Schools across the state closed down at the start of this week because of the extreme cold. It’s the right thing to do, so that kids aren’t being put at risk, said Sen. Chuck Wiger, DFL-Maplewood. But he thinks there’s another issue affecting Minnesota students that deserves the same level of urgency and decisive action: reading proficiency rates that have remained stagnant for years, and have even decreased for some student groups.
“Minnesota has a state of emergency regarding literacy. I’m very disappointed with where we’re at right now with the persistent reading success gap between white students and students of color,” he said Wednesday. “We are not making adequate progress, and the future of tens of thousands of our students is seriously at risk if we don’t address this.”
Yet according to the latest state assessments, only 56 percent of fourth-graders tested proficient in reading. That number has remained relatively flat for years. Broken down by race and special status, the proficiency rates are even more alarming: Minnesota now has the widest gap in reading scores between white and nonwhite students in the nation. Only 32 percent of black fourth-graders and 34 percent of Hispanic fourth-graders are proficient in reading, compared to 66 percent of white fourth-graders.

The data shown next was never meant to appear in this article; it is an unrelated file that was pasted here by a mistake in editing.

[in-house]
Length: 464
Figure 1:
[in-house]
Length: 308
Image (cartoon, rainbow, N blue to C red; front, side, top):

Serving as the ranking minority member of the Senate E-12 Finance and Policy Committee, Wiger says there is strong bipartisan interest in looking at which evidence-based reading strategies are needed to move the needle. And progress on this front, he suspects, will require some legislative action this session.
“Frankly, I think the governor should call a summit soon on this,” he said. “At least, through the legislative process, we can direct some action, for coming up with a plan to address this.”
Experts call for reforms
Earlier this week, members of the Senate E-12 Finance and Policy Committee, chaired by Sen. Carla Nelson, R-Rochester, heard from a number of Minnesota-based reading experts — many of whom called for widespread early literacy instruction reforms needed at the district and school level.